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School CP - May 2002
Gulf News, Dubai, 21 May 2002
Beating pupils is unacceptableBy Eman Abdullah
No teacher has the right to beat a pupil and no self-justification in the matter can be accepted, a senior education official asserted yesterday.
"Beating pupils is unacceptable," declared Ahmad Habib, Director of the Private Education Department at Sharjah Educational Zone. "In any case, the ministry has banned any kind of corporal punishment in UAE schools."
He was commenting on the ongoing case wherein a Palestinian teacher of Omar Abdul Wahed Al Buraimi, a UAE national child in grade four at a Sharjah-based private school, is being investigated by the Public Prosecution on allegations of beating the pupil, as filed at Al Gharb Police Station by the child's mother.
The boy suffered severe bruising as a result of the beating by his Arabic language teacher, who was yesterday referred to the Prosecution.
A medical report enclosed with the formal police complaint reported evidence of black bruises on the child's arm resulting from a severe beating with a metal instrument.
Habib stressed that the teacher involved should be punished whatever be the cause that prompted her to beat the child.
He clarified that the Educational Zone had as yet not been involved in the matter since the pupil's mother had directly filed the complaint with the Ministry of Education and Youth.
"If the ministry refers the case to the Zone, we will start our investigations with the relevant teacher and school, but so far we have not been formally notified by either the ministry or the parents," he explained.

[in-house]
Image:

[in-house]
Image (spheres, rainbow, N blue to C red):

He added that the number of such cases reported to the Zone do not exceed an average of 10 every academic year, but he stressed that the ongoing case appears the most serious instance: "There has never been any case of a severe beating reported to the zone, one that has left bruises on a pupil's body."
Habib explained that the Zone investigated all such cases and imposed penalties against the teachers involved, in coordination with the relevant school administration.
"Such cases, whatever the degree of the corporal punishment, are penalised, with the penalties ranging from issuing warnings, making a written undertaking to the effect that the offence will not be repeated, and deduction of salaries," he said.
The department also takes the circumstances of the teacher into account. "For example, a teacher who has maintained a clean record for 20 years and one day beats a child slightly will not receive the same penalty as a teacher who beats pupils without reason."
Habib stressed teachers should follow other means of handling any probable wrong conduct of a pupil rather than resort to beating them.
"There should also be a social worker at each school but, unfortunately, some schools do not abide by the rule of appointing a social worker," he observed.
He pointed out that in such instances, should a pupil misbehave, the teacher can report the matter to the school's social worker who should, in turn, investigate and try to correct the pupil, in cooperation and coordination with the parents.
Meanwhile, Omar's mother said she had discovered the bruises on her son's arm accidentally when the child was taking a bath. "My son was shy to show me the bruises and hesitated to tell me the reason when I asked him.
"He then told me the Arabic teacher had beaten him with a metal tool, adding that the teacher had been beating him for a long time, but he had been too scared to tell me because, in a previous incident, an English language teacher who had beaten him thereafter blamed Omar for telling me about it."
She added that even while the complaint was under investigation, the Arabic language teacher did not give any excuse or seek a reconciliation. "Instead, she abused me and said my son would suffer heavenly retribution should I pursue the matter in court."
The school principal was not available for comment.
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